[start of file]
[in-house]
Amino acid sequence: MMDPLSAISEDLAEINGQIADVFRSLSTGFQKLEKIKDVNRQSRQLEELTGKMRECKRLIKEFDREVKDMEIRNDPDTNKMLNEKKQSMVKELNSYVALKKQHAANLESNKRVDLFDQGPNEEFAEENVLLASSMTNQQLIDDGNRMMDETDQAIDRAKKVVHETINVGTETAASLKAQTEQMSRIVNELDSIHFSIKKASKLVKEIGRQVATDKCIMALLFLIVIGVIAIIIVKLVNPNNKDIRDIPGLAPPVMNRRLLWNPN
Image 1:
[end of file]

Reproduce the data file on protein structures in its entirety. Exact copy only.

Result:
[in-house]
Amino acid sequence: MMDPLSAISEDLAEINGQIADVFRSLSTGFQKLEKIKDVNRQSRQLEELTGKMRECKRLIKEFDREVKDMEIRNDPDTNKMLNEKKQSMVKELNSYVALKKQHAANLESNKRVDLFDQGPNEEFAEENVLLASSMTNQQLIDDGNRMMDETDQAIDRAKKVVHETINVGTETAASLKAQTEQMSRIVNELDSIHFSIKKASKLVKEIGRQVATDKCIMALLFLIVIGVIAIIIVKLVNPNNKDIRDIPGLAPPVMNRRLLWNPN
Image 1: